What is Active Learning?
Think of active learning as an approach to instruction in which students engage the material they study through reading, writing, talking, listening, and reflecting. Active learning stands in contrast to "standard" modes of instruction in which teachers do most of the talking and students are passive.
Students and their learning needs are at the center of active learning. There are many teaching strategies that can be employed to actively engage students in the learning process, including group discussions, problem solving, case studies, role plays, journal writing, and structured learning groups. The benefits to using such activities are many, including improved critical thinking skills, increased retention and transfer of new information, increased motivation, and improved interpersonal skills.
Using active learning does not mean abandoning the lecture format, but it does take class time. Lecturers who use active learning pause frequently during the period–once every fifteen minutes or so–to give students a few minutes to work with the information they're providing. They may ask students to respond to a question, to summarize important concepts in writing, or compare notes with a partner. For some lecture-based classes, using active learning may be a bit more challenging because of class size or room limitations such as fixed seating. Breaking students into groups under these circumstances may not be possible, but other strategies such as individual writing or paired activities are quite possible and lead to good results.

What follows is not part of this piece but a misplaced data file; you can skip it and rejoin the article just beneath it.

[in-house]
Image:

What follows is a description of some of the basic elements of active learning followed by guidelines for using them in your classroom.